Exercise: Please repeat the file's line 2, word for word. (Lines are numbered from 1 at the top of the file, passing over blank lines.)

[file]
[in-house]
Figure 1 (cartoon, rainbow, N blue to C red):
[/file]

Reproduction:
Figure 1 (cartoon, rainbow, N blue to C red):